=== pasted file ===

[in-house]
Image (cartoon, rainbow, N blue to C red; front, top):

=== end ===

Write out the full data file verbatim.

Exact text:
[in-house]
Image (cartoon, rainbow, N blue to C red; front, top):